A couple of years ago, I was sitting on a train, and I felt something brush against my leg. At first, I thought it was merely an accidental brush, the kind of irritation that public transport regularly affords its sufferers. But it happened again after I moved a little distance from the man sitting next to me, and again after I had put a hand’s span between us. I was sure that it wasn’t a mistake, that the man had gotten his jollies from touching me even though I didn’t want him to, and I took a long and glaring look at him. Once he realised I was on to his disgusting game, he sprinted off the train at the next station. I was grossed out and indignant, and I was determined to report the incident to the police.
At the police station, the officer asked me if I would be willing to assist an artist to put an Identikit image together. I thought I could recall his face pretty clearly, so I agreed. At first, the artist showed me some pictures of men who fit the profile I’d briefly described, but I knew for certain that my assailant hadn’t been any of the men pictured. Then, the artist began to ask me about individual facial features: what did his eyes look like? His nose? His mouth? As I opened my mouth to describe the man’s face, I felt my recall of his face melt away in my mind. I was utterly bewildered. What had happened to my memory?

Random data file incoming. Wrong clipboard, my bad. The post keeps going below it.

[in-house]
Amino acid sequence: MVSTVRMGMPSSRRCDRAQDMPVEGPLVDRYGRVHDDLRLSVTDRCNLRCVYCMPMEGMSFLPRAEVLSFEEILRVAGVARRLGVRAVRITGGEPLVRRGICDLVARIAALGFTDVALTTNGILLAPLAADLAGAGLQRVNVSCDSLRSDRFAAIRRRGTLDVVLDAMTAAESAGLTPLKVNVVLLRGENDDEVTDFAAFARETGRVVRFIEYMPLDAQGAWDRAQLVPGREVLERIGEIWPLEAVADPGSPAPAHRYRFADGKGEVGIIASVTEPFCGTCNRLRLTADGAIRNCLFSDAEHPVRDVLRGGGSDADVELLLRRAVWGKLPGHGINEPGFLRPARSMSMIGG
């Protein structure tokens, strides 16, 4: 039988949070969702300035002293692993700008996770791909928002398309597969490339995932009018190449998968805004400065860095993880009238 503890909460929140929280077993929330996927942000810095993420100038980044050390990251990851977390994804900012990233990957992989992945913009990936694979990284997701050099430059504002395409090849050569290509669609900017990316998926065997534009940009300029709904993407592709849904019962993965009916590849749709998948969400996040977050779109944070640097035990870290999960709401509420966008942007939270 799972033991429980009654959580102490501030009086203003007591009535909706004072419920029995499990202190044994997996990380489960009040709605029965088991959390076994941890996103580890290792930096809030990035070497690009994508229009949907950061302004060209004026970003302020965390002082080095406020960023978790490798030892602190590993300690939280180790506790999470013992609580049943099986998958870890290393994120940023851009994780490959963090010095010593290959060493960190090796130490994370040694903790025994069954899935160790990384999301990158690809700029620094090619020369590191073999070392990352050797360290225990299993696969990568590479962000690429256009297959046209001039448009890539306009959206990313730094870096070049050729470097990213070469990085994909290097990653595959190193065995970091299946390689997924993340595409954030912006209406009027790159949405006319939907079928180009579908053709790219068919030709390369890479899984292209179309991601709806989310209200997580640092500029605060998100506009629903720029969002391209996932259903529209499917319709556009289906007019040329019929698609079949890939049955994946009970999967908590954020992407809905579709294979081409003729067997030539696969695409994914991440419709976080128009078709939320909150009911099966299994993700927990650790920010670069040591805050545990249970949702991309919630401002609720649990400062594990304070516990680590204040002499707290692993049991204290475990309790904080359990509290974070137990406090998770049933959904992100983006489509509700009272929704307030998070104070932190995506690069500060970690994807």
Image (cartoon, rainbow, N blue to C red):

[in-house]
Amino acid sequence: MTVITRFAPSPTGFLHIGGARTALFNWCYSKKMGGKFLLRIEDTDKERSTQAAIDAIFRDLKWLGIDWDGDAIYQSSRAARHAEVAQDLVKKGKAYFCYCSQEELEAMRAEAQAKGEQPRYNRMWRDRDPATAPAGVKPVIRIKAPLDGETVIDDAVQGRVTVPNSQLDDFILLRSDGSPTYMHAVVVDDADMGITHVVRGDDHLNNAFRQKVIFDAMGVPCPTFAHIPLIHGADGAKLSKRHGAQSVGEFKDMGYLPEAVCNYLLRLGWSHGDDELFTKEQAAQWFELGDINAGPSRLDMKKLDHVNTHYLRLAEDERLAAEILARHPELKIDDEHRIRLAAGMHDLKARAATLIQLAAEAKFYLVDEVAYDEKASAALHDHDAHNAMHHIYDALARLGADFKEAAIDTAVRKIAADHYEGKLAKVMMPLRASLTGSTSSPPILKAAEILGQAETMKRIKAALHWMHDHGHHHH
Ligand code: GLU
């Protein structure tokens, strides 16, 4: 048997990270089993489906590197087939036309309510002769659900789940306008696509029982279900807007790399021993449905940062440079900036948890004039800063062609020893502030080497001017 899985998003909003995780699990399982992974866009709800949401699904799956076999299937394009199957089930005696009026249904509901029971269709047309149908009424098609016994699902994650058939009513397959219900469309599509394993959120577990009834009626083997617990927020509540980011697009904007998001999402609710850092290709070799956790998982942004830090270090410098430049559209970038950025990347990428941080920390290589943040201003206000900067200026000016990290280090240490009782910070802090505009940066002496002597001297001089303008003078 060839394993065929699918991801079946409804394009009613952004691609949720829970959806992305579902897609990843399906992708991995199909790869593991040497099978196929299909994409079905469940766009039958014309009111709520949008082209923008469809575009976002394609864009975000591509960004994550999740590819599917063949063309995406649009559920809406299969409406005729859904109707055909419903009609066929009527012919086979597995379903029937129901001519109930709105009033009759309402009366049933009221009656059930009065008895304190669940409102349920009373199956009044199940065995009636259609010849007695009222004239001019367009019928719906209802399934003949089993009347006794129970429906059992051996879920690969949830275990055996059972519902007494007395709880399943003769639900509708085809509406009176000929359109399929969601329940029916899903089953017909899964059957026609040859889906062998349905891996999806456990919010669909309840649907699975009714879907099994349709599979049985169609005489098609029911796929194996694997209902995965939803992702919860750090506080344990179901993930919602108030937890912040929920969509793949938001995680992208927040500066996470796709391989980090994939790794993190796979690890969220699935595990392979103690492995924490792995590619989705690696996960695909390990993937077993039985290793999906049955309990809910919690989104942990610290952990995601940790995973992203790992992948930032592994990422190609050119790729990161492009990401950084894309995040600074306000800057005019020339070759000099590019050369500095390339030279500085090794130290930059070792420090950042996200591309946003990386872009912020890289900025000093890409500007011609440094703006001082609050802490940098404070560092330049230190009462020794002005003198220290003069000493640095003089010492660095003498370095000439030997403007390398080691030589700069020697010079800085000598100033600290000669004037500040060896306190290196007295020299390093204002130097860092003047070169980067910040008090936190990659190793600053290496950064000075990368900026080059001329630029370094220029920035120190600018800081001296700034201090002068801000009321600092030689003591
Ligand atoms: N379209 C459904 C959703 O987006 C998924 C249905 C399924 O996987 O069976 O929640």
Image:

Malcolm Gladwell’s 2005 book Blink: The Power of Thinking without Thinking is a book about what Gladwell calls ‘rapid cognition’, and how it is often more powerful and useful than extended thought processes. Gladwell is a bestselling author known for his obsessive interest in and ability to identify particular universal cathexes. In Outliers, he attempted to make less ‘crude’ our understanding of how people become ‘so accomplished and so extraordinary and so outside of ordinary experience that they are as puzzling to the rest of us as a cold day in August’. The Tipping Point was the result of a fascination with ‘the sudden drop in crime in New York City – and that fascination grew to an interest in the whole idea of epidemics and epidemic processes’.
As mentioned above, in Blink: The Power of Thinking without Thinking, the first of Gladwell’s books I have read – Gladwell’s project is to explain how we make snap decisions, and that first impressions can be better than the ones we cultivate after long thought. Who wouldn’t find that fascinating? Though we, as humans, pride ourselves on our capacity for logical thought, there is something seductive about the idea that we are naturally preternatural, that our brains are so disposed to correct decision making that we don’t need time to improve our decisions.
In order to illustrate his thesis, Gladwell kicks the book off with a real-life story about a kouros, or Greek statue of a nude male, acquired by California’s J. Paul Getty museum. The Getty inquired after the bona fides of the statue, comparing its features with other examples from the age, checking out the identity of the art dealer and inviting a geologist to ascertain the age of the materials used in the artwork. Satisfied with the authenticity of the kouros, the museum agreed to acquire it. However, when the Getty’s curator mentioned this while unveiling the statue for Evelyn Harrison, an expert on Greek sculpture, Harrison said, ‘I’m sorry to hear that.’ How did she know what other experts couldn’t – that the statue was a fake?